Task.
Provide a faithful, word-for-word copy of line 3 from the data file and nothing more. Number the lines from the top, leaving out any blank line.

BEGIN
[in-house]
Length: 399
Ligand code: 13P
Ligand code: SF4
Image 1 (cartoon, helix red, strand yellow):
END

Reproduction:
Ligand code: 13P